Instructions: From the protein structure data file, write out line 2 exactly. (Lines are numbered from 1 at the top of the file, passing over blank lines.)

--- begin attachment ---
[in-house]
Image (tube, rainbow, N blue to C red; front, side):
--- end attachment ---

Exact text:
Image (tube, rainbow, N blue to C red; front, side):